On the other side of the coin, it is important to understand that alongside these conditions existed what was known as the Gilded Age. It was a great time for the rich. During the 1870s and 1880s, the U.S. economy rose at the fastest rate in its history, with real wages, wealth, GDP, and capital formation all increasing rapidly. For example, between 1865 and 1898, the output of coal increased by 800% and miles of railway track by 567%. Large national networks for transportation and communication were created. The corporation became the dominant form of business organization, and a managerial revolution transformed business operations. By the beginning of the 20th century, per capita income and industrial production in the United States led the world.
The businessmen of the Second Industrial Revolution created industrial towns and cities in the Northeast with new factories, and hired an ethnically diverse industrial working class, many of them new immigrants from Europe. The super-rich industrialists and financiers such as John D. Rockefeller, Andrew Carnegie, Andrew W. Mellon, Henry Flagler, J.P. Morgan, Cornelius Vanderbilt, and the prominent Astor family, were sometimes labeled “robber barons” by those who perceived them as underhanded in the ways they achieved great wealth. Many of these captains of industry, in addition to building the still fledgling American economy, participated in great acts of philanthropy (referred to by Andrew Carnegie as the "Gospel of Wealth") and used private money to endow thousands of colleges, hospitals, museums, academies, schools, opera houses, public libraries, symphony orchestras, and charities. Rockefeller for example, donated over $500 million to various charities, slightly over half his entire net worth.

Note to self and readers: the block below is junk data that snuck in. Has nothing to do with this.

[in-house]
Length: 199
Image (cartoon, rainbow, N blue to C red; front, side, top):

Still, while these men donated much to their communities, there existed a rapaciousness in business that exploited workers, especially women and children, and which kept the working class in a place that was not always happy or pleasant. Their ultimate goals were to make as much profit as possible and to control as much of their milieu as they possibly could. Often their philanthropy was inspired by more than a “protestant ethic”. It was informed by a motive of manipulation. What town in those days would fight against cruel and inhumane practices of the robber barons, if those same men were about to build that town’s first hospital? Money, as it does today, equates to control, and the barons of industry knew how to control the politicians and the masses.